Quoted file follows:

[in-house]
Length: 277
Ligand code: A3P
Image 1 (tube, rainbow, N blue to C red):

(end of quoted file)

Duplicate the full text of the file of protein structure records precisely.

[in-house]
Length: 277
Ligand code: A3P
Image 1 (tube, rainbow, N blue to C red):